Fun with Street Food

Yesterday I went out with a bunch of the guys to a local mall to exchange US dollars to local currency and buy some things we needed.

One of my favorite things about countries that are not America is the street vendors. I love street food! The other guys often shake their heads in disapproval at my eclectic eating habits, because I will try just about anything. I will eat rat, lizard or scorpion if you fry it and skewer it on a stick, I will eat the spiciest, the rawest, the wrigglingest food you can find. I only had food poisoning once, for about twelve hours in Nepal. Of course it happened to be the day we drove for twelve hours in a jeep over some of the worst roads I have ever seen in my life, but you know, some days are like that.

Generally speaking I enjoy most of the street food I eat. The one thing I am still unable to like is anything that contains bread in an even remotely soggy state. The texture literally makes me gag. That goes back to childhood and robs me of such crowd pleasers as sloppy-joes and thanksgiving bread stuffing. Odd how that is.

But I digress. So there I was, walking back through a narrow ally with barely room for one Philippino, let alone a burly American. I was laughing at my buddy getting aggressively and flamboyantly accosted by a skinny-jean wearing “lady boy,” when a delicious smell tickled my nostrils. There, off to the right was a Philippino teenager cooking “Cheesecakes.” He had a griddle shaped like a muffin pan, and he would pour each cup about half full of what looked like pancake batter, drop a small block of cheese in it, and then fill the rest of it up. The result was a yo-yo shaped cake, dripping with cooking oil, golden brown and sweet smelling with a block of gooey melted cheese in the middle. 

I, of course, am a sucker for all things cheese, and the cakes were only 8 pesos a piece (approx $0.20 US) so I bought two. Oh. My. Goodness!!! They were so delicious. I was sorry I had only bought two, but also glad, because if I had bought six, I most certainly would have eaten all of them (I had not had lunch yet.) So golden brown and crispy on the outside, light and fluffy and just the right amount of gooey on the inside, and sweet and cheesy! Heaven in a greasy brown paper bag!

Our next stop was at a McDonald’s on the way back. The other guys wanted some food. I said, “Seriously, guys? Fly halfway around the world to Asia, just so you can eat… McDonald’s? How is that not lame? And besides, McDonald’s isn’t even really food. It is an entirely different category of matter altogether.

To which they all agreed, before traipsing into McDonald’s for Big Mac’s or Whoppers, or whatever it is they sell. (I’m a Jack-in-the-Box man myself.)

Well, right next door to McDonald’s there was a local Ma & Pop restaurant, with a deli counter full of hot plates of various stir fries and meat dishes, and half of a pig just roasting away in the sun. I went on over and had a plate of rice, a coca cola (in a dirty glass bottle, which is the only way to drink coke) and a serving of BBQ pork and another serving of bean sprout and mini-shrimp stir-fry. It was not the most delicious food I had ever tasted, but it was good, especially the bean sprout and shrimp stir-fry. In the middle of the meal a rat ran across the floor, bumped into a lady’s flip-flop shod foot in a bewildered fashion, and then dashed under the refrigerator on the other side of the room. He was not a huge rat, but you could tell he wasn’t missing many meals. The whole experience cost me 49 Pesos, (approx $1.20 US).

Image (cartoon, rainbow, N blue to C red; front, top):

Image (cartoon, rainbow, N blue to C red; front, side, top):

After I came out I went into McDonalds where the other guys were still waiting in line, then went to wait in the truck and read a book, while two young beggar ladies made faces at me through the tinted glass. After about fifteen minutes or so, the guys came back out carrying bags of McDonald’s matter, which they proceeded to bite into with great enjoyment. Until, that is, one guy bit around something hard and white and asked the rest of the vehicle, “What the heck is that?” (He did not actually use the word “heck”. That is a fictionalization on the part of the writer.)

Inside his burger I could see something white and thick and round, which at first I took to be a rather large slice of onion, but which, upon closer inspection, turned out to be a bottle cap. Yes, my friends, a plastic water bottle cap, carefully and lovingly ensconced in the middle of this burger. Now, I don’t care who y’are, that’s funny right thar.

Then another guy picked up his Big Mac, and found that instead of having two meat patties and two bread pieces, he had three bread pieces and only one meat patty (By using the phrase “meat patty” I by no means intend to imply that McDonald’s burgers are composed of anything resembling actual meat.) The irony was that this guy is a level 85 paleo/crossfit mage, and he hates carbs. All about the protein and fat, not so much about the carbs. They also paid about five times as much for their food as I did for mine.

But, there you are. Sometimes you go into McDonalds because it is familiar and seems “safe” and then you find the short order cook has a penchant for practical jokes. You see, in life, you just never know what you’re going to get. The trick is to approach life with a fundamental attitude of gratefulness, and just enjoy the little things. Blessings upon all of them, including the rat.

1 Comment

  1. If McDonald's can get away with putting 'stuff' in their meat in the States, with supposed 'safe food laws,' I can't imagine what is in their food in other countries! And what is the purpose of a bottle cap in a meat mixture? Crunch? Flavor? Don't think so.

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